Waterfowl Season Opens

Outdoors with Forda Birds—By John Andreoni

If you woke up last Saturday morning with your windows open and live anywhere near Lake St. Marys, chances are you heard gunshots. Not to panic. The regular waterfowl season opened that morning a half-hour before sunrise. For those who listen for that sort of thing, there were also a few more shots ringing from the lake during the two-day youth waterfowl hunt a couple of weeks before that. Regardless, it’s another year that waterfowl hunters will try to bag a bird or two, and there’s really no need to call the law when you hear shots being fired.

As usual, local hunters and those who frequent the area are hoping for a banner waterfowl year. That means that both hunters and birds have to be at the right place at the right time. A good waterfowl season around here depends on many factors. For example, rough weather makes the birds move and waste grain left in harvested fields slows them down as they migrate through. For the first part of the season, from October 21 through November 5, neither will have an impact. Migration maps have birds staying well north of us and little corn has been harvested yet. Consequently, hunters will be dealing with local birds and some of them have already been educated during the youth hunt. There are reports, however, that some birds are moving into our area, and the ODNR bi-weekly aerial waterfowl survey shows a steady increase of birds in the Lake Erie marsh areas with duck numbers up 99% over last year at the same time. Some of these birds might filter through the area during the first 16 days of the season, but most will stay put until winter weather brings on the ice.

When the duck season reopens in the North Zone on November 18, it will probably still be a crapshoot for hunters. Season dates are set attempting to put waterfowl and hunters in the same place at the same time. That’s hard to do. With the North and South Zones divided at the south side of GLSM, area hunters will have what amounts to an extended season since they’re so close to the boundary. This is assuming they are not only lake hunters but field hunters and have access to some of the decent spots available in the south and west portions of Mercer County. The way my numbers come up, duck hunters who hunt both zones could pick up an additional 28 hunting days. Since many birds feed in both directions, the lake/field hunters will have a distinct advantage.

Unfortunately on the negative side, harvested grain fields are quickly plowed under, for the most part, and those that aren’t have very little waste because of highly efficient farming practices and equipment. I think the ducks have figured that out as well since we no longer have the large flocks migrating thought the area. Hunters around my age recall seeing 40, 50, or more bunches of ducks flying out to feed. Some of these flocks might have well over 200 birds in them. During a good year, strings of mallards would easily cover a mile-long section. Those days are gone. The landscape has changed and migrating birds don’t have large expanses of adjoining harvested fields to search for a meal. Only an occasional unplowed cornfield or two remain in a section, and some have none at all. The same applies to the lake. Of course, the water level is much better than last year and that’s a plus. Much of the backwater areas no longer exist, but the new existing water treatment trains might someday make up for that. This will be especially true when all of the proposed filtering areas are completed.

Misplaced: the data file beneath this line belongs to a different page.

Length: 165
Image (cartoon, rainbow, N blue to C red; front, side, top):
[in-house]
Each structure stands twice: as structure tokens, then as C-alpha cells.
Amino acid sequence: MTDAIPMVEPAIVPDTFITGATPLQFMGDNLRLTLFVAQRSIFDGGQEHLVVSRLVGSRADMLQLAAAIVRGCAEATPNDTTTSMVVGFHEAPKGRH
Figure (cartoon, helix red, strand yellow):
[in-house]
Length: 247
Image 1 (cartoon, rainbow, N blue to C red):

As always, I’m looking forward to another waterfowl season although I haven’t shot at a duck or goose in almost 15 years. That doesn’t make a lot of sense, but there might be some old-time waterfowl hunters who understand. My dad started hunting in 1917. At the age of 11, he drove himself to the places he hunted in the family’s Model T truck, the same vehicle he used to deliver produce to area grocery stores. I started hunting at the age of 12 in the early 1950s and covered many of the same areas carrying a shotgun on my bicycle or just plain hoofing it. My, how times have changed. Today, if the majority of 11 or 12 year olds wanted to hunt ducks at all, it would be in the form of a video game. Even then, most wouldn’t because a duck hunting game isn’t exciting or challenging enough compared to destroying armies and controlling kingdoms. Of course, there are exceptions, but try explaining to the average kid why it’s thrilling to get up in the middle of the night, sit in a duck blind all day, and freeze to death hoping to fire one or two shots at a bird. They won’t buy it…but it is.